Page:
Review: The Awakened Fate Ultimatum (PlayStation 3)

The Awakened Fate Ultimatum: Official GBAtemp Review

PlayStation 3 1,613 view 2 likes 4 comments
Reviewed by Dominik Dudek, posted Mar 12, 2015
Mar 12, 2015
  • Release Date (NA): March 17, 2015
  • Release Date (EU): March 20, 2015
  • Release Date (JP): September 25, 2014
  • Publisher: NIS America
  • Developer: Nippon Ichi software
  • Genres: Rouglike RPG
  • ESRB Rating: Teen
  • PEGI Rating: Twelve years and older
  • Single player
    Local Multiplayer
    Online Multiplayer
    Co-operative
Have you ever wanted to become a god, fighting in a war between Angels and Devils and alter fate?
Dominik Dudek
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Introduction

The Awakened Fate Ultimatum is a sequel to a game called The Guided Fate Paradox.
I haven't played the predecessor so I didn't know what to expect from the game. The angelic aesthetic gave me mixed feelings since I usually tend to like sci-fi or medieval fantasy more.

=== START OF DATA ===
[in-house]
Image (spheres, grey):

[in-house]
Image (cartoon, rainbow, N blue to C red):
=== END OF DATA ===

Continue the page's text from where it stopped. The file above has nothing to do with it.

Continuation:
Also I didn't like that a Mystery dungeon-esque game was on a console and not handheld. So the tides were pretty much against me with this game. However I was pleasantly surprised on some occasions.

Gameplay

The Awakened Fate Ultimatum is your typical Mystery Dungeon game. You go through randomly generated dungeons, collect items and equipment and kill lots of angelic & demonic type enemies in the process.
The spin on that genre is the Deitize system. You can switch between an angel and devil form to deal more/less damage to the angelic/demonic enemy types. Each form has different abilities and growth curve.
The growth System of the game is a Final Fantasy X like sphere grid system although it's nowhere near as big and complex as FFX's sphere grid. Each level up allows you to spend a point on the sphere grid, increasing the power of either the angel or devil form of your character.
You can also spend extra points via the fate choices. During conversation you eventually get to choose either a good fate or a bad fate. Which gives you a corresponding point that you can spend on a skill of the corresponding form only.
This does give the game some replay value and the way the narrative alters on your decisions is pretty nice. However the end results of these conversations are pretty much the same as the character development of your main character would stop making sense if it had too much diversity.